What a difference road layout makes
The first has to be the purchase of an ER6. This is a 650 V-twin Kawasaki bought for a short commute into the centre of our closest town for a short term contract. That placement actually stopped early, so in principle I should be looking to lose the ER6 but that hasn’t happened yet.
The arguments go like this: tax and insurance are already paid and it is the height of summer: a small bike is a useful thing to have. I haven’t modified it at all and it doesn’t use much petrol and since having the 125 learner, I haven’t just gone out for a blast after work and the 650 v-twin is a great bike to do that with. But there are more serious reasons for having that particular bike.
Last weekend, I covered 410 miles in two days to see my friend Taliesin Nuin appear in The Tempest in the Botanical Gardens in Bath and return home again.
One of the very best things about the journey, apart from enjoying my motorcycle in reasonable weather on some amazingly clear roads on the highly comfortable Hayabusa, was the fact that the really difficult stretch down London Road in Bath has a motorcycle use bus lane. The weather was warm and there are the frequent traffic lights and pedestrian crossings, but the fact I didn’t need to filter was a joy and allowed steady progression down the A4 during rush hour on Friday a joy without any stress.
Since Boris Johnson opened the bus lanes in London to motorcycles, there have been lobbyists on both sides of the fence arguing whether or not it posses a greater risk for all road users to allow bikers to use the bus lanes. From the 23rd January 2012 the results came in that one of the busiest cities in the world benefited from motorcyclists using bus lanes: I took part in those trials back in 2009 with my Bandit and in 2010 with the Hayabusa. Both times, the weather was pouring with rain and the bus lanes allowed me to make easy progress with no filtering.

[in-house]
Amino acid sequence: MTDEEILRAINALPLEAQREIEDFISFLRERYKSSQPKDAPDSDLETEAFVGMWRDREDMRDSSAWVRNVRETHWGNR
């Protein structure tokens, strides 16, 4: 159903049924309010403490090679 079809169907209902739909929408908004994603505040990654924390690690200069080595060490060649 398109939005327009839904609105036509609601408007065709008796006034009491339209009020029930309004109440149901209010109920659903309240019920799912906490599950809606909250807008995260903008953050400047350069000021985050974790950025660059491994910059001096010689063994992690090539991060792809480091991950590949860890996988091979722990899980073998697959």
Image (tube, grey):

Bath is not the only city in the UK to allow the inclusion of Motorcycles: Colchester opened up its busiest route along London Road back in 2009. As someone reasonably local, this has meant it is easier for me to get to Colchester’s railway station than it is to Ipswich’s (a difference of 18 miles in journey length). This is especially so in the summer when the heat when wearing leathers makes riding and stopping in town centres unpleasant on a larger motorcycle.
This is bringing me back to the 2nd bike – bear with me.
I live 3.2 miles from the centre of Ipswich. I cannot ride a motorcycle into the centre of Ipswich from my home in Claydon without having to use some road which has at least a 60mph limit, and the shortest route, thanks to a bus lane, needs a bike capable of at least 70mph useless I want to be cut up on the busiest stretch of dual carriage way used by freight traffic. Not one, trust me I have tried. My journey length to the centre of Ipswich by motorcycle and car is a minimum of 7 miles and has at least 4 miles of 60mph roads.
In motorcycle terms this means at least a 650cc bike. There are 250’s on the market but they aren’t really up to the job of ensuring I don’t get stuck behind a slow car which has a couple of lorries over taking it.
This is why I have an ER6 as well as the Hayabusa.
If the bus lane up Old Norwich road was open a 50cc scooter would have been perfect! If the bus lane down London Road was opened up, a second bike would not be needed.
But the ER6 is a big bike without being as lovely as the Hayabusa. It doesn’t have its brakes or let’s face it, its go. It’s not as comfortable on a long ride and it doesn’t have the storage. So I should lose the ER6… mmm.
Posted: July 8th, 2012 under The Hayabusa Journeys.